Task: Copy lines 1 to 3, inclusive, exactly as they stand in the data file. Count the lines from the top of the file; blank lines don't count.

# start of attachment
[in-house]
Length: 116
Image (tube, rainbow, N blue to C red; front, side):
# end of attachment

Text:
[in-house]
Length: 116
Image (tube, rainbow, N blue to C red; front, side):